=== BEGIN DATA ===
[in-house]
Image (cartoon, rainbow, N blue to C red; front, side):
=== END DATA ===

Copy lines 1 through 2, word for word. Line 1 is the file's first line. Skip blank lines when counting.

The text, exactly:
[in-house]
Image (cartoon, rainbow, N blue to C red; front, side):